Diseases of the Colon & Rectum

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Diseases of the Colon & Rectum:
doi: 10.1007/DCR.0b013e31819eb7f0
Original Contributions

Outcomes and Prognostic Factors for Squamous-Cell Carcinoma of the Anal Canal: Analysis of Patients From the National Cancer Data Base.

Bilimoria, Karl Y. M.D., M.S.1,2; Bentrem, David J. M.D.1; Rock, Colin E. B.S.1; Stewart, Andrew K. M.A.2; Ko, Clifford Y. M.D., M.S., M.S.H.S.2,3; Halverson, Amy M.D.1

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PURPOSE: The objective of this study was to assess survival and prognostic factors for anal carcinoma in the population.

METHODS: Patients with squamous-cell carcinoma of the anal canal were identified from the National Cancer Data Base (1985-2000). Univariate and multivariable methods were used to assess factors associated with survival. Concordance was calculated to assess agreement between American Joint Committee on Cancer stage and actual outcome.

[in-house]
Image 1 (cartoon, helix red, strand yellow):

RESULTS: Nineteen thousand one hundred ninety-nine patients with anal carcinoma were identified (Stage I, 25.3 percent; Stage II, 51.8 percent; Stage III, 17.1 percent; Stage IV, 5.7 percent). Overall five-year survival was 58.0 percent. The American Joint Committee on Cancer (6th edition) staging system provided good survival discrimination by stage: I, 69.5 percent; II, 59.0 percent; III, 40.6 percent; and IV, 18.7 percent (concordance index, 0.663). On multivariable analysis, patients with anal carcinoma had a higher risk of death if they were male, ≥65 years old, black, living in lower median incomes areas, and had more advanced T stage tumors, nodal or distant metastases, or poorly differentiated cancers (P < 0.0001). There was not a significant difference in survival by hospital type or year of diagnosis.

CONCLUSION: Although tumor characteristics and staging affect prognosis, patient factors, such as gender, race, and socioeconomic status, are also important prognostic factors for squamous-cell carcinoma of the anal canal.

© The ASCRS 2009


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